Left elbow 0.022 ± 0.11 0.037 ± 0.22 0.011 ± 0.22 0.013 ± 0.14 12.8 ± 0.6 13.7 ± 0.4 15.3 ± 0.3 15.6 ± 0 .2

Table 2. Electrophysiological signals at different time points before and after surgery (amplitude, latency period).

Evaluation of motor function

There was no motor dysfunction in the bilateral hind limbs at different time points before and after surgery, and all rabbits had a grade 5 Tarlov score.

Discussion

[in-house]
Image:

There are a variety of treatment methods for irreducible atlantoaxial dislocation, including anterior, posterior, or anteroposterior joint approaches [14,15]. Because compression on the medullary spinal cord is mainly from the front, an anterior transoral or transnasal odontoid resection can achieve decompression [16,17]. Ai et al. applied the transoral approach to complete an anterior release as well as reduction and decompression assisted by plates [18-20]. In anterior dislocation of the atlas, the anterior longitudinal ligament, intrinsic cervical muscles, and contracted lateral mass joint capsule can affect surgical reduction. Cutting of all ligaments, muscles, and the capsule, aided by heavy cervical traction and instrumental probing, can assist in anatomical reduction of the atlantoaxial joint.